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Re^2: capturing stderr of echo piped to a file

by boftx (Deacon)
on Oct 29, 2014 at 18:58 UTC ( #1105532=note: print w/replies, xml ) Need Help??


in reply to Re: capturing stderr of echo piped to a file
in thread capturing stderr of echo piped to a file

Your statement is simply not true. The order of the redirects doesn't matter and in my experience having 2>&1 at the end of the line is much more common. A simple test on the command line with a perl script that issues a warn as well as a print statement will demonstrate this.

You must always remember that the primary goal is to drain the swamp even when you are hip-deep in alligators.

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Re^3: capturing stderr of echo piped to a file
by Crackers2 (Parson) on Oct 29, 2014 at 19:17 UTC

    Perhaps you should just try it?

    > { echo out; echo err >&2; } >f1 2>&1 > cat f1 out err > { echo out; echo err >&2; } 2>&1 >f1 err > cat f1 out

    Redirection order definitely DOES matter in the shell. (Hmm, unless it's shell-specific? I'm using bash)

    And just to do exactly what you said..

    > perl -e'print "print\n"; warn "warn"' >f1 2>&1 > cat f1 warn at -e line 1. print > perl -e'print "print\n"; warn "warn"' 2>&1 >f1 warn at -e line 1. > cat f1 print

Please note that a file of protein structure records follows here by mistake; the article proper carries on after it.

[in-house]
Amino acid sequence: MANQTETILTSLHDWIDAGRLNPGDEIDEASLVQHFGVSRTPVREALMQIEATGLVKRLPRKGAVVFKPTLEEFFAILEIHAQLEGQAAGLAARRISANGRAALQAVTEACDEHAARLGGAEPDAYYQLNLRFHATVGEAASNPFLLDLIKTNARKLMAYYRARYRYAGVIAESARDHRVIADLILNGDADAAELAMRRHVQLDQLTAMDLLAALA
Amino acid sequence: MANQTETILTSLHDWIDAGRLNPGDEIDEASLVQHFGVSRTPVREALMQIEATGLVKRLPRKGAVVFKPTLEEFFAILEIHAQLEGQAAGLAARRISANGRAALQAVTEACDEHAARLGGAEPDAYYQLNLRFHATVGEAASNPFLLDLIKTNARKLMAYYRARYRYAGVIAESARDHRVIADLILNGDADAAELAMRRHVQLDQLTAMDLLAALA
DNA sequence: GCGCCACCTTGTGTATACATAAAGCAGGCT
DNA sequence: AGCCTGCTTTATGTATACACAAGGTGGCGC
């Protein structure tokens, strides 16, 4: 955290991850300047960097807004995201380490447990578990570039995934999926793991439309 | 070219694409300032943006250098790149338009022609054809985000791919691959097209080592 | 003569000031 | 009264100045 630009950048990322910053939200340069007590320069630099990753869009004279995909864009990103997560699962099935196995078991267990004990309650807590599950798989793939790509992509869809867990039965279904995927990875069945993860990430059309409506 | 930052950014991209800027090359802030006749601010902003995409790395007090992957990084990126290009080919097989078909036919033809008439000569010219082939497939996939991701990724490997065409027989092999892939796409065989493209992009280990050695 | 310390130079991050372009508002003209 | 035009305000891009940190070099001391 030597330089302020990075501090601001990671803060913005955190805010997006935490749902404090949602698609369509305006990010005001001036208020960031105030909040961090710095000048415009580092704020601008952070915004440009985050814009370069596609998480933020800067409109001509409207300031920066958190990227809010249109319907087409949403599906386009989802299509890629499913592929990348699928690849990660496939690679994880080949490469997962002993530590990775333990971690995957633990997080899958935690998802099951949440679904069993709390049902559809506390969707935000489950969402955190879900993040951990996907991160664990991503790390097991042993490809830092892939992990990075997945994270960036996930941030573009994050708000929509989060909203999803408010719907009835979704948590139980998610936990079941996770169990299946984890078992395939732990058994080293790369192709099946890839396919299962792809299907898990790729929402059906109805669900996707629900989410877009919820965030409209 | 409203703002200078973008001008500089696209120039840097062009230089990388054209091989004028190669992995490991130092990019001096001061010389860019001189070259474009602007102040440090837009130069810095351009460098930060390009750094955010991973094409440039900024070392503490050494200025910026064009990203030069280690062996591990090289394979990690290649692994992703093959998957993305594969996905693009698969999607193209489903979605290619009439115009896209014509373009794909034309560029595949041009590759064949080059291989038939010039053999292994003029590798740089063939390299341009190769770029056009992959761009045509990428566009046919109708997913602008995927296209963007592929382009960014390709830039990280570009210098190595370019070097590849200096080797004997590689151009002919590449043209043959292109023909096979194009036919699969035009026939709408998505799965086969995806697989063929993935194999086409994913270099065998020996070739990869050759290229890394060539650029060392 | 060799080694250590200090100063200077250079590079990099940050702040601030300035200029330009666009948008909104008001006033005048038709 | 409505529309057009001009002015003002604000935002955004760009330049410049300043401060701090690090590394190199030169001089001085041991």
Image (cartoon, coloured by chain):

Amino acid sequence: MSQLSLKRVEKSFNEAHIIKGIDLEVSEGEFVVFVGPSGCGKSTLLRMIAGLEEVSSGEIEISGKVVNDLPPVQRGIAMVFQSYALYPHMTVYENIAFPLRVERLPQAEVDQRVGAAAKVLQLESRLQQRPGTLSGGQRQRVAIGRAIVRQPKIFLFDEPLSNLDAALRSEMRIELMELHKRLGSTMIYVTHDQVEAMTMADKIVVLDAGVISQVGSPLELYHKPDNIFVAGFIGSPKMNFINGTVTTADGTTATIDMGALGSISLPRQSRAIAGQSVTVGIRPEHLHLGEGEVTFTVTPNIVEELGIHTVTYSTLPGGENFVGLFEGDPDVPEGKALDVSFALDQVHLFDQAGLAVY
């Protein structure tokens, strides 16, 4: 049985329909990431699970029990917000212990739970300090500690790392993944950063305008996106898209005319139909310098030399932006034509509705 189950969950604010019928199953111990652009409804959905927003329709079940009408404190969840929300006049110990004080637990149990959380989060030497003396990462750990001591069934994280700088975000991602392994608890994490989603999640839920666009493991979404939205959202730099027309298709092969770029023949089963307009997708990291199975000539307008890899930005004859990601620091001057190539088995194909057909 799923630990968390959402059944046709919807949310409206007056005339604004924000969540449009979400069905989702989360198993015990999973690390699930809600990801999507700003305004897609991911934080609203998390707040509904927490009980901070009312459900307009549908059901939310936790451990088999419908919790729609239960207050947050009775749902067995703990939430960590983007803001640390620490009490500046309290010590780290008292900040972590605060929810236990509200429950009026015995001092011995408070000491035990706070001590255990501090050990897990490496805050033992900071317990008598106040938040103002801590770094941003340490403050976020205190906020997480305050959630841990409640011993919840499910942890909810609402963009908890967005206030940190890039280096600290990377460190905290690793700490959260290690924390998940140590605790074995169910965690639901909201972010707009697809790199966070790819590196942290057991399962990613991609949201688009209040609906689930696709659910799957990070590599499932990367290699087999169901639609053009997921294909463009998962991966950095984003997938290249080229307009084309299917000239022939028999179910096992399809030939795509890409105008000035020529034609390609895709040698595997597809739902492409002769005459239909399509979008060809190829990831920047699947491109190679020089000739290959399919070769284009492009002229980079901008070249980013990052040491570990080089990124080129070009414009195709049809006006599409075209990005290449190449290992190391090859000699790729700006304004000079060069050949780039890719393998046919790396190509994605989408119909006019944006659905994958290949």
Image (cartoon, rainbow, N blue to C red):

In the first case both print and warn go to the file, in the second case warn goes to stdout and print to the file.

      ~/stuff > perl foobar.pl Normal STDOUT Going to STDERR ~/stuff > echo 'Just a starting point > ' >JGBtest.txt ~/stuff > cat JGBtest.txt Just a starting point ~/stuff > perl foobar.pl >>JGBtest.txt 2>&1 ~/stuff > cat JGBtest.txt Just a starting point Going to STDERR Normal STDOUT ~/stuff > cat foobar.pl #!/usr/bin/perl use warnings; use strict; print "Normal STDOUT\n"; warn "Going to STDERR\n"; exit; __END__ ~/stuff >
      You must always remember that the primary goal is to drain the swamp even when you are hip-deep in alligators.

        You didn't run the test with reversed redirection, so the above doesn't actually show anything new. Here's what I get with your code, including also a reversed order test:

        ~> perl foobar.pl Normal STDOUT Going to STDERR ~> echo 'Just a starting point > > ' >JGBtest.txt ~> cat JGBtest.txt Just a starting point > ~> perl foobar.pl >>JGBtest.txt 2>&1 ~> cat JGBtest.txt Just a starting point > Going to STDERR Normal STDOUT ~> perl foobar.pl 2>&1 >>JGBtest.txt Going to STDERR ~> cat foobar.pl #!/usr/bin/perl use warnings; use strict; print "Normal STDOUT\n"; warn "Going to STDERR\n"; exit; __END__ ~>

        Which again shows that the redirection order does matter, and in the 2>&1 >>file case, STDERR goes to the output, not the file.

        Update: And just to illustrate it in one more way...

        ~> perl foobar.pl >>JGBtest.txt 2>&1 & [1] 22571 ~> ll /proc/22571/fd total 0 lrwx------ 1 user group 64 2014-10-29 16:31 0 -> /dev/pts/11 l-wx------ 1 user group 64 2014-10-29 16:31 1 -> /home/user/JGBtest.tx +t l-wx------ 1 user group 64 2014-10-29 16:31 2 -> /home/user/JGBtest.tx +t ~> perl foobar.pl 2>&1 >>JGBtest.txt & [2] 22578 ~> ll /proc/22578/fd total 0 lrwx------ 1 user group 64 2014-10-29 16:32 0 -> /dev/pts/11 l-wx------ 1 user group 64 2014-10-29 16:32 1 -> /home/user/JGBtest.tx +t lrwx------ 1 user group 64 2014-10-29 16:32 2 -> /dev/pts/11 ~> cat foobar.pl #!/usr/bin/perl sleep(100);

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